Confession of a shopaholic – book one of a shopaholic series part 16

WHEN I TURN UP at my parents’ house that afternoon without warning, saying I want to stay for a
Few days, I can’t say they seem shocked.
In fact, so unsurprised do they seem that I begin to wonder if they’ve been expecting this eventuality all
Along, ever since I moved to London. Have they been waiting every week for me to arrive on the
Doorsteps with no luggage and red eyes? They’re certainly behaving as calmly as a hospital casualty team

an emergency procedure.
Except that surely the casualty team wouldn’t keep arguing about the best way to resuscitate the patient?
After a few minutes, I feel like going outside, letting them decide on their plan of action, and ringing the
Bell again.
“You go upstairs and have a nice hot bath,” says Mum, as soon as I’ve put down my handbag. “I expect
You’re exhausted!”
“She doesn’t have to have a bath if she doesn’t want to!” retorts Dad. “She might want a drink! D’you
Want a drink, darling?”
“Is that wise?” says Mum, shooting him a meaningful what-if-she’s-an-alkie? look, which presumably
I’m not supposed to notice.
“I don’t want a drink, thanks,” I say. “But I’d love a cup of tea.”
“Of course you would!” says Mum. “Graham, go and put the kettle on.” And she gives him another
Meaningful look. As soon as he’s disappeared into the kitchen, she comes close to me and says, in a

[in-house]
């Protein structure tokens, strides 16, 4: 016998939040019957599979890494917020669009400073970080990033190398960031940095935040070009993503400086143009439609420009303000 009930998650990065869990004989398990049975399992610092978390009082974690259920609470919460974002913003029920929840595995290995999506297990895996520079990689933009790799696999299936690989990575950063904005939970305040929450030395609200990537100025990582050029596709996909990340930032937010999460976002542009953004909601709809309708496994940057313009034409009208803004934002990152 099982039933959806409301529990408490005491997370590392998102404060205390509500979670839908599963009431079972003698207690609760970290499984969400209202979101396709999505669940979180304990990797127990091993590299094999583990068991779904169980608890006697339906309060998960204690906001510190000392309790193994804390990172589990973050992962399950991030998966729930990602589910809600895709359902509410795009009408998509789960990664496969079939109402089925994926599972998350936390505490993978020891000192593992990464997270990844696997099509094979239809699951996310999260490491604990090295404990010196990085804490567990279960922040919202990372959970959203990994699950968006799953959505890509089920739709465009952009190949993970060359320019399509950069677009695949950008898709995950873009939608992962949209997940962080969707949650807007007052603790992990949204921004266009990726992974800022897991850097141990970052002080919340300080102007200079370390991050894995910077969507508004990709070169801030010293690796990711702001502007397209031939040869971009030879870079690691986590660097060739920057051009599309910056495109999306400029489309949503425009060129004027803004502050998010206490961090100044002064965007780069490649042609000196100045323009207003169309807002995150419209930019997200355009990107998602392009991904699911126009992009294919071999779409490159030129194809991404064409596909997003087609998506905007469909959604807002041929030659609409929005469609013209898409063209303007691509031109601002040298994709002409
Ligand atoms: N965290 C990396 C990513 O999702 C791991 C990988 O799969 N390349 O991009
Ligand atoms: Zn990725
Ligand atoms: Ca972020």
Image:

Lowered voice, “Are you feeling all right, darling? Is any-thing. . . wrong?”
Oh God, there’s nothing like your mother’s sympathetic voice to make you want to burst into tears.
“Well,” I say, in a slightly uncertain voice. “Things have been better. I’m just. . . in a bit of a difficult
Situation at the moment. But it’ll be all right in the end.” I give a small shrug and look away.
“Because. . .” She lowers her voice even more. “Your father isn’t as old-fashioned as he seems. And I
Know that if it were a case of us looking after a. . . a little one, while you pursued your career. . .”
“Mum, don’t worry!” I exclaim sharply. “I’m not pregnant!”
“I never said you were,” she says, and flushes a little. “I just wanted to offer you our support.”
My parents watch too many soap operas, that’s their trouble. In fact, they were probably hoping I was
Pregnant. By my wicked married lover whom they could then murder and bury under the patio.
And what’s this “offer you our support” business, anyway? My mum would never have said that before
She started watching Ricki Lake.
“Well, come on,” she says. “Let’s sit you down with a nice cup of tea.”
And so I follow her into the kitchen, and we all sit down with a cup of tea. And I have to say, it is very
Nice. Hot strong tea and a chocolate bourbon biscuit. Perfect. I close my eyes and take a few sips, and
Then open them again, to see both my parents gazing atme with naked curiosity all over their faces.
Immediately my mother changes her expression to a smile, and my father gives a little cough – but I can
Tell, they are gagging to know what’s wrong.
“So,” I say cautiously, and both their heads jerk up. “You’re both well, are you?”
“Oh yes,” says my mother. “Yes, we’re fine.”
There’s another silence.
“Becky?” says my father gravely, and both Mum and I swivel to face him. “Are you in some kind of
Trouble we should know about? Only tell us if you want to,” he adds hastily. “And I want you to
Know – we’re there for you.”

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Confession of a shopaholic – book one of a shopaholic series part 16